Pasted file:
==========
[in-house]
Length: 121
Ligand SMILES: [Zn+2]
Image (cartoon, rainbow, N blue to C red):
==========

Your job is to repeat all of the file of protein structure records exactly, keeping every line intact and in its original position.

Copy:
[in-house]
Length: 121
Ligand SMILES: [Zn+2]
Image (cartoon, rainbow, N blue to C red):